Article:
People who attended the event were from a wide range of public, school, college, university, health etc libraries and from linked occupations which encouraged broad ranging discussions. A Library Camp is an unconference so participants pitched their session ideas on the Library Camp SW Wiki and at the start of the day. While 2 of the team ran a networking session the rest of us quickly matched numbers of interested people and sessions with rooms and tours to make a timetable for the day that allowed the participants to attend the 5 sessions that most interested them.

Library Camp SW 2014 Fab Lab intro

As Exeter Library had only been open for 6 weeks the new library tour was a popular option so we put on 4 tours. The tour of the Exeter Stack (staff only access library of older stock and collections) with a handling session of some of the beautifully illustrated Devon Collection of Children’s Books was also popular so we timetabled 3 sessions. There was lots of interest in the new Fab Lab and the minicomputer Raspberry Pi Jam being held that morning. I led 2 sessions with everyone asking numerous questions, taking lots of notes and all were very pleased with their 3D printed mementos.

There was loads of information sharing and useful tips in the wide range of discussion sessions: Technology in Libraries, Libraries as Community Hubs, Engaging Teenagers, Author Visits, Partnerships with Business, Library Users’ Expectations, Moving Sectors, Customer Service, CILIP Qualifications and Networking. There were also masses of interesting discussions during the delicious Bring and Share Lunch. The sharing of experiences and enthusiasm of the participants made a really enjoyable day.

For more photos and information see http://libcampsw2014.wikispaces.com/. Thanks again to all the team and all the participants. The 2014 team really enjoyed the experience of putting on the event so if you would like to run Library Camp SW 2015 at your library then please email libcampsw@gmail.com.

Library Camp SW 2014 Blog

Exeter Library 15 May 2014

With the Official Opening of the new Exeter Library on 15/07/14, the launch of the Summer Reading Challenge on 12/07/14 and holding Library Camp SW 2014 on 05/07/14 it has been a busy month and therefore a good time to relect on the month. However I was greatly surprised to find that my intention of blogging monthly had not been realised and my last post was in February 2014. This coincides with the start of my dual personality of Library Camp SW 2104 and myself: 2 gmail accounts, 2 Twitter accounts, 2 Facebook accounts, 2 Flickr accounts, 2 blogs, etc. The amount of work involved in moving Exeter Library and holding my first conference has been a steep learning curve but a rewarding experience. Therefore this blog is instead a link to the blogs I have posted as Library Camp SW 2014 to cover what has been happening in the last 6 months.

http://libcampsw.blogspot.co.uk/

Library Camp SW 2014 blogs
18/02/14 Library Camp SW
26/02/14 #FabLabDevon at Exeter Library
02/03/14 Business & IP Centre in the new Exeter Library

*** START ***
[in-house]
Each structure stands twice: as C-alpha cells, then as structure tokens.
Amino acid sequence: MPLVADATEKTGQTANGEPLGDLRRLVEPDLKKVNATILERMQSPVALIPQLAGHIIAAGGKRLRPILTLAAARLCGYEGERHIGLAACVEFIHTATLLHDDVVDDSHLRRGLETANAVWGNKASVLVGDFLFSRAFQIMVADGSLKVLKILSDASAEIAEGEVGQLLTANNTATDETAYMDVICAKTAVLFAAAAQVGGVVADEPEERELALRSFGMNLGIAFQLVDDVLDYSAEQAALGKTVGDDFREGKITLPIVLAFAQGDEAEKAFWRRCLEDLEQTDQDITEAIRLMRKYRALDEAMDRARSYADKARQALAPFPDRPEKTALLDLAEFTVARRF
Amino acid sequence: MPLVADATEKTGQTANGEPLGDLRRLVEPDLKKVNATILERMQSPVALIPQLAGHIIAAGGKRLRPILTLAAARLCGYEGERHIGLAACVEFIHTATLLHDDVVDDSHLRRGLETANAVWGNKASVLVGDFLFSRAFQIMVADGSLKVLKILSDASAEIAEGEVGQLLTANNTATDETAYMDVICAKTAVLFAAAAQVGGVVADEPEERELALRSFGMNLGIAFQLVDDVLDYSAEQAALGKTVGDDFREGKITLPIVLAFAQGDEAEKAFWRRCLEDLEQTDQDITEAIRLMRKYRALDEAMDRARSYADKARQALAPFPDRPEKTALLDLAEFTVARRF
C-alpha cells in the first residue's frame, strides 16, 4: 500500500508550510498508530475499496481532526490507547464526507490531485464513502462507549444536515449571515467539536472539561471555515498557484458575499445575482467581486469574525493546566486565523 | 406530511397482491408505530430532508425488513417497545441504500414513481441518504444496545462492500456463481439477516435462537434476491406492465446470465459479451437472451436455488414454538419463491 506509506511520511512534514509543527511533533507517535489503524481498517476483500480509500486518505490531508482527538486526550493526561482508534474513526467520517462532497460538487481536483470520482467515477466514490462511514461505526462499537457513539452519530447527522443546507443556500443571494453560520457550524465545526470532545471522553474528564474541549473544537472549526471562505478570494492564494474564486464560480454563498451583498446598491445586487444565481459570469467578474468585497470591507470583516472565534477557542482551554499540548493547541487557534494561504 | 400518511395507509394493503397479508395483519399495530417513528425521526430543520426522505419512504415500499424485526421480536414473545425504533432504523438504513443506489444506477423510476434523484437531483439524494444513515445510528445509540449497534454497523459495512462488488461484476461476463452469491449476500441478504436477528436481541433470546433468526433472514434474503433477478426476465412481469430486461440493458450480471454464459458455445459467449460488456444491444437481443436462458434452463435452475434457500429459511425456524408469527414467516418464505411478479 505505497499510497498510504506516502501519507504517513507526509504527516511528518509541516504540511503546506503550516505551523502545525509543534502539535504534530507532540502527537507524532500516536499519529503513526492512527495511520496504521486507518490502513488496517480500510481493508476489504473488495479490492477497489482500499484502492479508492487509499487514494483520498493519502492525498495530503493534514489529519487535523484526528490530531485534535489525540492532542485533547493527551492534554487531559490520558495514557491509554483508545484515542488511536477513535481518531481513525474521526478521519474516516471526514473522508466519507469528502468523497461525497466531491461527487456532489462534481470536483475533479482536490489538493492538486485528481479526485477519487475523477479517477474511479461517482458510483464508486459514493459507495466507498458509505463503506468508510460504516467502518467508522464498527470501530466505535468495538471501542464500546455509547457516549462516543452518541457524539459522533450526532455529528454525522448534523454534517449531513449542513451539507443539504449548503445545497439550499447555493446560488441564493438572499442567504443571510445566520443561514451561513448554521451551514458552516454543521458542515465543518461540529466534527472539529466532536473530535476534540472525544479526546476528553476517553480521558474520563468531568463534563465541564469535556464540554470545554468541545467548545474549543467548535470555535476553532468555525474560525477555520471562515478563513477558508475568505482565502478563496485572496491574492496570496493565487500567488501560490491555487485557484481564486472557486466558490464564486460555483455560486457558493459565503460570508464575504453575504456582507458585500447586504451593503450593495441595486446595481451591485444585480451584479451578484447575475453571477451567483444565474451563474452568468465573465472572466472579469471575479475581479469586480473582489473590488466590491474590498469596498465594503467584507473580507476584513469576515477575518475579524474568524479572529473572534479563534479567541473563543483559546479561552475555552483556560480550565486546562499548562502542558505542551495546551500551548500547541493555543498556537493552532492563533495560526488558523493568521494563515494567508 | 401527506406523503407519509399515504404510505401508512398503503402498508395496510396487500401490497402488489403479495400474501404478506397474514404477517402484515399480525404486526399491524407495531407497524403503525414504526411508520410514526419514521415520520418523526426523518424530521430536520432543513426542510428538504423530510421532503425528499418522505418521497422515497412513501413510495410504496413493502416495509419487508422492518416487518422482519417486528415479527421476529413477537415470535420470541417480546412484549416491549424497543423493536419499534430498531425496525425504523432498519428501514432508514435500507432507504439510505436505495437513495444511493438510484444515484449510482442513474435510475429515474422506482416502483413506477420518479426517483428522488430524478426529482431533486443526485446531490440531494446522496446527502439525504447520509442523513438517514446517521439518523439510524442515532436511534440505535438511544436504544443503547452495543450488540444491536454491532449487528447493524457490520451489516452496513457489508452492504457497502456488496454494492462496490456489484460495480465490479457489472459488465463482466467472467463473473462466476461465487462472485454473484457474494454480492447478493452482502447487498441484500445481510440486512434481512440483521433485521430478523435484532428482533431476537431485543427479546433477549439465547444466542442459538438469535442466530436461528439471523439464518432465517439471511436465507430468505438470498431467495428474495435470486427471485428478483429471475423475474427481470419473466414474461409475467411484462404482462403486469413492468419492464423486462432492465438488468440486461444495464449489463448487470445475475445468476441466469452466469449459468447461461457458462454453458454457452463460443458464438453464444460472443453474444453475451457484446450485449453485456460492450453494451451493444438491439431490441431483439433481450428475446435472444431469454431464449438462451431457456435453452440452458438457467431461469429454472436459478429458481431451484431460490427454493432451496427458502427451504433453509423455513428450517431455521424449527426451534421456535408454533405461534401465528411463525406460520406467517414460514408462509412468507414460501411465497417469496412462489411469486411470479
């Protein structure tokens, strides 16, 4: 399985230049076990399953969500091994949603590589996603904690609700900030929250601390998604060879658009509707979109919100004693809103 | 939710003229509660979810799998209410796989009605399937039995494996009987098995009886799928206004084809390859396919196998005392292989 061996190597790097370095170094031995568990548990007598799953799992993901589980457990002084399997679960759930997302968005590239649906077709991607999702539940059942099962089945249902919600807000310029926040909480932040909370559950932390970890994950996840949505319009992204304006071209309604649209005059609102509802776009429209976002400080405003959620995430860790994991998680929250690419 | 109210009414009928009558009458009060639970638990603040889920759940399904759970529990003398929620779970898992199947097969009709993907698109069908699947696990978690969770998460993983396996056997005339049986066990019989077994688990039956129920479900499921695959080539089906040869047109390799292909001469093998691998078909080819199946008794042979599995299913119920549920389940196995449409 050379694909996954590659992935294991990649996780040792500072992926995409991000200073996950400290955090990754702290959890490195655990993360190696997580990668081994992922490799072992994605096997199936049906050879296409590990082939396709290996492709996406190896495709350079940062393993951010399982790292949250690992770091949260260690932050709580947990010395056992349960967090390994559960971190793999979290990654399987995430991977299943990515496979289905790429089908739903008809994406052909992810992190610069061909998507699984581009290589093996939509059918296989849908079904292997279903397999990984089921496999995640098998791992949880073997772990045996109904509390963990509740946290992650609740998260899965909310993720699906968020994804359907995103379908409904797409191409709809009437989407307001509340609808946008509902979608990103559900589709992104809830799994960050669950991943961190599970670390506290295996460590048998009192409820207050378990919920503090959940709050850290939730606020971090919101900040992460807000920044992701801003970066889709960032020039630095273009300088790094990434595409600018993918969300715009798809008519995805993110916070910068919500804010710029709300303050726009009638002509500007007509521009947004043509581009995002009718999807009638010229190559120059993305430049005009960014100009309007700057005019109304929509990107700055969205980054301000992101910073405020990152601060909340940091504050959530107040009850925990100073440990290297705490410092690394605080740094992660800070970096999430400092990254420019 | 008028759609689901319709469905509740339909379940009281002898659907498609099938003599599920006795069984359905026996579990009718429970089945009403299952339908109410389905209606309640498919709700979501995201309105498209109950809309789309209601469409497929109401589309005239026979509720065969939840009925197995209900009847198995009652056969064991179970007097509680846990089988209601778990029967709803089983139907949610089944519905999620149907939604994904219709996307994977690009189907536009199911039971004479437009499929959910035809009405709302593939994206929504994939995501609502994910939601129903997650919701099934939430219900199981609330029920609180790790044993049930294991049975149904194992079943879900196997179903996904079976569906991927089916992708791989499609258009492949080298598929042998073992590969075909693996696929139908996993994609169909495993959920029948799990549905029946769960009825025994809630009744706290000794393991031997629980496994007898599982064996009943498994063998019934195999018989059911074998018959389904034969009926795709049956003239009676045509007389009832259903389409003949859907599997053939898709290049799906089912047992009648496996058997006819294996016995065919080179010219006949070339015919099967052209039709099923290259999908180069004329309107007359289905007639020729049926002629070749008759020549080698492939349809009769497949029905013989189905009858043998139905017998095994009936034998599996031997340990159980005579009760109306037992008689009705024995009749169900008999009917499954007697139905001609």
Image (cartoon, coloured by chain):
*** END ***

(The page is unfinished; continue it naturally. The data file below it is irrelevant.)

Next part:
12/03/14 Visit to the Library of Birmingham
31/03/14 Exeter Library Redevelopment
18/06/14 The New Exeter Library is open
10/07/14 Library Camp SW 2014 event blog

CILIP Qualifications: the new regulations explained

I achieved Certification 3 years ago and having recently registered to Charter wanted to find out more about the new changes to the process.  Therefore I attended the CILIP Qualifications: the new regulations explained training at Plymouth Central Library, November 26th 2013.  Pam Martindale led the training and as a CILIP Qualifications Board Assessor and Mentor gave us a very good insight from both points of view. 

 

During the morning we learnt about the 3 criteria we have to demonstrate that we meet.  The 3 criteria are similar for both Certification and Chartership: personal performance and skills, your organisation and how you contribute and the wider profession.  For ACLIP the emphasis is on developing your knowledge and MCLIP focuses on what you do with your knowledge.   We also learnt about evaluation and reflective writing and their importance in the CILIP qualifications.  I found the morning very informative, wrote lot of notes, gained ideas I will pursue and promised myself that I will make more time to blog (reflectively of course). 

 

During lunch I enjoyed meeting and making links with other people in the library and information profession.  I work in a public city library and enjoyed finding out about life in school, college, university, etc libraries. As a result I intend to visit the libraries/work shadow some of the people I met.  

 

In the afternoon we learnt about using the Personal Knowledge and Skills Base and building a portfolio.  I was finding wading through the 45 page PKSB daunting, as I seemed to have many areas that needed development, so was reassured to find that we were not expected to be superhuman and know and work on all areas of the PKSB.  Therefore I am narrowing down which 5/6 areas I want to improve my score and planning how to do that.  I also have come away with the less is more message for the portfolio evidence and reflect, reflect, reflect.

 

I recommend both the training and the networking for anyone going for Certification, Chartering or Revalidation.